To finish

Add the meatballs into the sauce, and bring to a simmer. Cook the mixture until the meatballs are heated through, and flavors meld a little, about 10 to 15 minutes. Serve with rice and cilantro, if desired, and enjoy!

Smokin’ soup to start off the new year

My sweetie and I had a tradition of smoking meats at Thanksgiving and Christmas until our smoker got stolen a couple years ago. Mercifully, we were able to get another one this year and pick up right where we left off.

The best part for me is, of course, the food. But a nice secondary benefit is I have one less thing taking up space and time in my kitchen. My sweetie handles the meat. I handle the sides and dessert.

I won’t bore you dear readers with all that we made at the two holidays even though I’m still drooling over them. But after Thanksgiving, I told my sweetie we were doing an extra bird at Christmas because I had plans for using it to kick off the new year right.

And ringing in my new If It Fits I Cooks project for 2019: the Dutch oven.

The wild rice and smoked chicken soup is an Amy Thielen recipe, though I varied it slightly because I already had a favorite creamy wild rice and chicken soup.

Chicken and wild rice soup ingredients.

My most important contribution is the addition of slivered almonds for added texture that blends with the wild rice well. Oh, and I used leftover (frozen) carcasses from the Thanksgiving chicken to make a smoky broth that added a little something.

Like most soups, this is difficult to mess up but it is time consuming. Wild rice always takes forever. Chopping veggies — something I weirdly enjoy but many don’t — is also a chore. And then of course simmering long enough for all the flavors to meld.

But it’s January and there’s not much else to do. This is the part where I’d usually say there’s the added benefit of keeping the stove going and warming up, but if you live in central Iowa, that has uh not been much of an issue so far this winter.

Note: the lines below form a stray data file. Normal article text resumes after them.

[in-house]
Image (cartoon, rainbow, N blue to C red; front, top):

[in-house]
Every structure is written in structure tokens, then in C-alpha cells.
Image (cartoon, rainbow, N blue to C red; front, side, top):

Happy New Year lovely readers and I hope you’ll follow me on this foodie adventure again in 2019!

Nom Nom Noms.

Here’s what I did:

Ingredients

  • 2 c. chopped smoked chicken (I didn’t measure but it was roughly the breast meat)
  • ¾ c. natural wild rice (uncooked)
  • 6 T. unsalted butter
  • 2 leeks, sliced
  • 3 stalks celery, chopped
  • 2 carrots, chopped
  • 4 cloves garlic, minced
  • ½ c. white wine (preferably Chardonnay)
  • ¼ c. all-purpose flour
  • 8 c. chicken stock (homemade is best!)
  • 1 c. heavy cream
  • ½ to 1 c. slivered almonds, to taste
  • 2 dried bay leaves
  • Salt and pepper, to taste

Directions

Add the rice (cleaned, if necessary) to 1 ½ c. water and a pinch of salt in a medium saucepan. Bring to a boil. Reduce heat, cover, and cook for 25 to 45 minutes. (The wide time range is because mine never seems done at 25 minutes, but it’s good practice to start checking around then and taste testing — it goes in at the end of the soup-making so it needs to be done by the time it’s added.) Strain off any excess liquid.